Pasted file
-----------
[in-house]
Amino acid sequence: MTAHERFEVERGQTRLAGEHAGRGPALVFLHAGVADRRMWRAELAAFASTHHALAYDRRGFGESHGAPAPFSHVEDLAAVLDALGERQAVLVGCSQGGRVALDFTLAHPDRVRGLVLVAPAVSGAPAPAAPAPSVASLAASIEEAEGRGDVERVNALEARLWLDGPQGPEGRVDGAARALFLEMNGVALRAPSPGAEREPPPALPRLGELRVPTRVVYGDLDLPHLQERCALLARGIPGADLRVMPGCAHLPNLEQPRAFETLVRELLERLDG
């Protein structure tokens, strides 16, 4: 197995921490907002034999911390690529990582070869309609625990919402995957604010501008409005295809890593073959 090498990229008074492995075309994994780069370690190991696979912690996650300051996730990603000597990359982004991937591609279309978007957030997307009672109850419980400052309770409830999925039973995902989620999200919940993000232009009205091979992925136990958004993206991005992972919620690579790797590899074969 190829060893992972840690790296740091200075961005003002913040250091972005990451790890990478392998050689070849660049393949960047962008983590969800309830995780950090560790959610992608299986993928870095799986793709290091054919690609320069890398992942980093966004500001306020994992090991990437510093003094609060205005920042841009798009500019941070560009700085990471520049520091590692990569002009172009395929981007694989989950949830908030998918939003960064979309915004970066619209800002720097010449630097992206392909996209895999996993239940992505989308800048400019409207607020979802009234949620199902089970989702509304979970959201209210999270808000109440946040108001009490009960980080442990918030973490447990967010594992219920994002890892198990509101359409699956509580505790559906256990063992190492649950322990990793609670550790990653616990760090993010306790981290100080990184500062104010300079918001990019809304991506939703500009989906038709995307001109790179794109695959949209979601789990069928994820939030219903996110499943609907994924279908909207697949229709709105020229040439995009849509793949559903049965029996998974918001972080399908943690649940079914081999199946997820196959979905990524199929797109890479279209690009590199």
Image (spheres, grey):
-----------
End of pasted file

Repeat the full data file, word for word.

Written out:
[in-house]
Amino acid sequence: MTAHERFEVERGQTRLAGEHAGRGPALVFLHAGVADRRMWRAELAAFASTHHALAYDRRGFGESHGAPAPFSHVEDLAAVLDALGERQAVLVGCSQGGRVALDFTLAHPDRVRGLVLVAPAVSGAPAPAAPAPSVASLAASIEEAEGRGDVERVNALEARLWLDGPQGPEGRVDGAARALFLEMNGVALRAPSPGAEREPPPALPRLGELRVPTRVVYGDLDLPHLQERCALLARGIPGADLRVMPGCAHLPNLEQPRAFETLVRELLERLDG
């Protein structure tokens, strides 16, 4: 197995921490907002034999911390690529990582070869309609625990919402995957604010501008409005295809890593073959 090498990229008074492995075309994994780069370690190991696979912690996650300051996730990603000597990359982004991937591609279309978007957030997307009672109850419980400052309770409830999925039973995902989620999200919940993000232009009205091979992925136990958004993206991005992972919620690579790797590899074969 190829060893992972840690790296740091200075961005003002913040250091972005990451790890990478392998050689070849660049393949960047962008983590969800309830995780950090560790959610992608299986993928870095799986793709290091054919690609320069890398992942980093966004500001306020994992090991990437510093003094609060205005920042841009798009500019941070560009700085990471520049520091590692990569002009172009395929981007694989989950949830908030998918939003960064979309915004970066619209800002720097010449630097992206392909996209895999996993239940992505989308800048400019409207607020979802009234949620199902089970989702509304979970959201209210999270808000109440946040108001009490009960980080442990918030973490447990967010594992219920994002890892198990509101359409699956509580505790559906256990063992190492649950322990990793609670550790990653616990760090993010306790981290100080990184500062104010300079918001990019809304991506939703500009989906038709995307001109790179794109695959949209979601789990069928994820939030219903996110499943609907994924279908909207697949229709709105020229040439995009849509793949559903049965029996998974918001972080399908943690649940079914081999199946997820196959979905990524199929797109890479279209690009590199």
Image (spheres, grey):